• The Merrill chief’s honeymoon is over. The question now is whether he’s guilty of misjudgment or mismanagement.
  • It’s been a ropey year so far for Pakistan’s embattled stock markets but better news is on the horizon for global investors. Over the next 12 months, the government is expected to push ahead with aggressive plans to privatize a clutch of state-run firms, as the government seeks to cut into a current account deficit that widened to $14 billion in the fiscal year to end-June 2008, from less than half that a year earlier.
  • It’s a year since the credit crunch began and still there is no end in sight to the bloodletting. Alex Chambers looks at the prospects for bankers facing this unprecedented downturn as traditional alternative employment avenues, such as hedge funds, struggle to pick up the slack.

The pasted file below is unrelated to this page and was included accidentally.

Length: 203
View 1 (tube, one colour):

• Shinsei Bank has announced that it is to acquire General Electric’s Japanese consumer finance business for ¥580 billion ($5.4 billion). The deal comprises GE’s personal loans unit, Lake, as well as its mortgage loans and credit card arms, and will bring Shinsei more than 2 million new customers as it seeks to combine its consumer finance and retail operations.
  • IPO ends long struggle for the gambling tycoon.
  • In India it’s simply called The Feud and, on July 18, after years of simmering, it finally boiled over. That day, Mumbai-based industrialist Anil Ambani was finally, unwillingly, forced to pull the plug on a planned telecommunications mega-merger between his flagship corporation Reliance Communications (RelCom) and MTN Group of South Africa.